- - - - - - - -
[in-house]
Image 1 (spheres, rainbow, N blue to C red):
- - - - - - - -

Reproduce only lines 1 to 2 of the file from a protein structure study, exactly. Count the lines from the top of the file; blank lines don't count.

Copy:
[in-house]
Image 1 (spheres, rainbow, N blue to C red):